Profane spaces inspire the opposite.
Being around a lot of negative energy can affect your demeanor. It’s complicated because you can’t see what you’re dealing with; you can only feel it. You have no way of measuring your effectiveness. And then regressions of the area are similar to dealing with a junkie who’s addicted to some substance. They relapse, and the cure rate is low.
Why is it like this?
I don’t know. Nobody on this side of reality really does. If I had to make a guess, I’d say that it’s because God gives us free will. Sometimes it’s a challenge for one reason or another to choose him.
Before getting involved in any attempt to rehabilitate a profane space, what you have to ask yourself is are you patient enough? Can you avoid the temptation to act according to pressures when you’re being taunted by unseen energies? Is your faith in God strong enough?
The 19 people and two policemen who were killed in downtown Ponce, many of them shot through their backs in cold blood, had their lives cut short by police who were “just following orders.” If you and I had our lives cut short, we’d probably resent it too. They had plans for their lives, the people they loved, and are likely to have resented their loss. Who can predict how their souls would feel? God gives us free will. Free will has to be part of the equation when it comes to asking if the entities that occupy the area can or will move on.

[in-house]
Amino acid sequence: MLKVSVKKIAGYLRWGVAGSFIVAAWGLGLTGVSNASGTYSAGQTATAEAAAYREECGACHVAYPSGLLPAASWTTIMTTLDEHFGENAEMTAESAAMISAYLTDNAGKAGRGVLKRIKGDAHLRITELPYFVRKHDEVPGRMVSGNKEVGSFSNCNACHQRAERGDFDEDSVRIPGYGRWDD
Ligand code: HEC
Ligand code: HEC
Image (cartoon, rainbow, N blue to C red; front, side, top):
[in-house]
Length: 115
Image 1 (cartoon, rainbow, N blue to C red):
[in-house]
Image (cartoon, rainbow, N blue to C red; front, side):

Sometimes you’ll hear about smudging a house with sage to cure a haunting. This has mixed effectiveness. It might brighten the atmosphere for a while, but it’s sometimes not a permanent fix. You’re obviously not going to be able to smudge a whole area like a downtown.
So what should you do when a place has bad vibes?
That’s a question with an answer that will depend on you. The least you can do is pray for them. They don’t have to remain on this plane; they can find some peace in the afterlife. Your prayers are the only thing that you can do to help them at this point. It’s up to God and the entities themselves as to what happens.
James Cobb, RN, MSN, is an emergency department nurse and the founder of the Dream Recovery System. His goal is to provide his readers with simple, actionable ways to improve their health and maximize their quality of life.